EW talks with writer/illustrator Eric Chase Anderson -- The ''Chuck Dugan is AWOL'' author talks about his rejection from the U.S. Naval Academy, making maps, and the new screen adaptation for his book


Chuck Dugan is AWOL

As a teenager in Houston, Eric Chase Anderson had something close to an obsession with the U.S. Navy. Twice he tried to get into the Naval Academy and twice he was rejected (bad eyes). In retrospect, it was a good thing. ”My entire idea of the Naval Academy was based on television and books from World War II,” he says.

Instead of enlisting, Anderson, 31, wrote and illustrated Chuck Dugan Is AWOL, a ”novel with maps” about a young Navy mid-shipman who goes on the lam to save his family fortune from the machinations of an evil admiral. The story is decorated with meticulous, colorful drawings of frogmen gear and nifty submersible bicycles.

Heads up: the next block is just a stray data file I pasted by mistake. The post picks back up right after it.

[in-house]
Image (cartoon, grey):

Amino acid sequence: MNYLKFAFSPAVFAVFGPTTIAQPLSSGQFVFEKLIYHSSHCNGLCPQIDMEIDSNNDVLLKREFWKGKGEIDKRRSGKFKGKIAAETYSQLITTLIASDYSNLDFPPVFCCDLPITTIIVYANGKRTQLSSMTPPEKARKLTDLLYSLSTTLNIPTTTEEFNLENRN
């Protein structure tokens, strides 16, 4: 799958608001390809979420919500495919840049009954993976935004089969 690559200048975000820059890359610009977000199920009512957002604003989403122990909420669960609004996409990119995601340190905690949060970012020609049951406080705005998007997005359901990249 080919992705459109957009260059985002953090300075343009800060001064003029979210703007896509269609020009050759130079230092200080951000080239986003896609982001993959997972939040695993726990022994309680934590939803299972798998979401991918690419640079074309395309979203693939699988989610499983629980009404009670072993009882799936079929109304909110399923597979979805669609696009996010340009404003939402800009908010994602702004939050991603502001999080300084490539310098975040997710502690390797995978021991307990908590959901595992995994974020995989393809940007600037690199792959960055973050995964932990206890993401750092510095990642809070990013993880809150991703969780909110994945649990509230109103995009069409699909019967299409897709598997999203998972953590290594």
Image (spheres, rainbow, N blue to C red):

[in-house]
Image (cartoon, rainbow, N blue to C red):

Anderson began creating maps as gifts for family members, which led to assignments to illustrate the DVD covers for Rushmore and The Royal Tenenbaums, directed by his brother Wes. Both siblings inject a sense of whimsy into their work. ”It’s probably genetic,” explains Wes, 35.

Now, Eric has caught the film bug himself; he’s writing a screen adaptation of Chuck Dugan for Warner Bros. (a division of EW parent Time Warner). ”Chuck’s learning how to mine harbors and blow up bridges and kill a man silently from behind with a knife, then going home and responding to his personal problems as if it’s warfare,” says Anderson, shrugging off any comparisons to a certain cinematic secret agent. ”He’s definitely more heartfelt than James Bond.”